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Don't be put off by its shares lagging the FTSE 100 diversified mining peer group
Thursday 07 Sep 2017 Author: Daniel Coatsworth

Despite all the publicity around an activist investor trying to shake up BHP Billiton (BLT), it is the worst performing stock among the FTSE 100 diversified miners this year.

That’s not to say shareholders have lost money; in fact a near-50% share price gain actually makes BHP the eighth best performing stock in the FTSE 100.

We think there is merit in owning the shares on a long-term basis. Many analysts are also positive on the stock, judging by several bullish research notes since its full year results on 22 August.


Why is BHP back in favour?

The financial results contained a few positive surprises. Investors didn’t seem to mind its post-tax profit was 5% below expectations. Instead, they focused on other factors including a better than expected net debt at $16.3bn versus $18bn forecast by analysts.

The market was relieved that BHP said it would delay a production decision on the very large Jansen potash project. There is growing speculation that BHP may now sell part of its stake in Jansen.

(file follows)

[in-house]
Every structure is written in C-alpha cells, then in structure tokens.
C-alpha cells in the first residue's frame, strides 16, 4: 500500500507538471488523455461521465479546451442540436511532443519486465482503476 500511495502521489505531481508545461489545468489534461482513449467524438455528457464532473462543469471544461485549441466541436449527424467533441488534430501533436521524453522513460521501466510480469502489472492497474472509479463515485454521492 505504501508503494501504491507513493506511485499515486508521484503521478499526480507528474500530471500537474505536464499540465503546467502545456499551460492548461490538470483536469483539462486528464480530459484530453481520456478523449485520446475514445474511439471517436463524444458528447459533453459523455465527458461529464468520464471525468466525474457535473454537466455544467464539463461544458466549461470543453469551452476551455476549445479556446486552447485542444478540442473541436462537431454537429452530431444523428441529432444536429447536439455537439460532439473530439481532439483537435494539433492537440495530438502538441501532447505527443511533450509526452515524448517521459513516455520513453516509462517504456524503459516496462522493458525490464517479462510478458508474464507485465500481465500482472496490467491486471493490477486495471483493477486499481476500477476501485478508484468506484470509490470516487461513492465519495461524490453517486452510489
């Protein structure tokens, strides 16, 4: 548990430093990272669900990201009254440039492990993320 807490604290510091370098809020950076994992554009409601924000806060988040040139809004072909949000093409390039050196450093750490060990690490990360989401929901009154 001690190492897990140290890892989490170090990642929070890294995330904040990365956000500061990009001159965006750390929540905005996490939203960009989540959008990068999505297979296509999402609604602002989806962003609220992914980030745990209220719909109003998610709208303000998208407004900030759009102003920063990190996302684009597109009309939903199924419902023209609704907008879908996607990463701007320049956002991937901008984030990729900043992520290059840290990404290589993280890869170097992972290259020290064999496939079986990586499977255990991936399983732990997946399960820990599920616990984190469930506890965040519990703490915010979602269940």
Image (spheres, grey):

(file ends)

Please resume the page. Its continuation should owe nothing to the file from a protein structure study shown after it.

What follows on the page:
Also deemed good news was BHP’s confirmation that it would put its onshore US shale oil and gas assets up for sale. Investment bank Investec values those assets at $5.1bn.

What does that mean for investors?

Lower debt and potential cash injection from asset sales bodes well for future returns for shareholders, be it via dividends or share buybacks.

They would enhance an already-strong situation where BHP enjoys high profit margins from low-cost assets, delivering strong cash flow that can be reinvested in the business and be used for dividends.

We note with interest that BHP’s large net debt position is forecast to be eliminated within the next three years. UBS forecasts it will go from a peak of $26.1bn in June 2016 to a net cash position of $343m in June 2020, rising to £7.8bn net cash a year later.

The cash generation strength is evident in the bank’s forecasts which include a 10.7% free cash flow yield this year, progressing to 13.9% on 2021’s estimates. A figure above 10% is generally deemed to be very attractive. Free cash flow is the amount of cash generated from operations minus capital expenditure.

On paper BHP looks to be an attractive investment opportunity. The key risk to consider is that commodity prices are impossible to accurately predict. Financial models can produce wildly different results depending on commodity price assumptions.



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